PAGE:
By no means is this just a crass American trend. Glasgow tore down the Red Buildings in August 2015, once the tallest residential structures in Europe (the initial target for this clearance was the 2014 Commonwealth Games). If it’s taken as a given by most urban planners that height doesn’t do the poor much good, when it comes to the wealthy one finds vast tomes as to its virtues for things like population density, smart growth, and green buildings- a point well made by Stephen Graham in his brilliant book Vertical: The City from Satellites to Bunkers. Vancouver has packed its central core with homogenous glass towers of luxury. Social housing has been diminishing London since Margaret Thatcher yanked the financing while promoting the ‘right to buy’ program. In London hundreds of towers of twenty plus stories are in the works. Most of the tallest buildings in New York’s skyline are now skinny luxury towers designed by big name architects. Like in Vancouver and London New York’s towers of Eden feature pools, heated bathroom floors, private restaurants, bars, and parking garages. It basically amounts to urbanity without actual urban life or at best a part-time suburban wood-paneled version of it for the global elite. Much of Vancouver’s pricey real estate is brought up by wealthy Asian investors. In 2013, 85 percent of all housing purchases in inner London were brought by non-UK investors- meanwhile 50,000 low income people were pushed out of inner London from 2012 to 2015.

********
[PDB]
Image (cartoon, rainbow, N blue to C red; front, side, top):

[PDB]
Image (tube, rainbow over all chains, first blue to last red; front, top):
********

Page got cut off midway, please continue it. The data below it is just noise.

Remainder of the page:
For an additional layer of perversity sold off towers in London like Trellick and Balfron Towers are found on stylized images plastering stuff like crockery, tea towers, and mugs around local designer shops. New York has the Lower East Side and Brooklyn to be branded and marketed to hipsters as authentic street grit.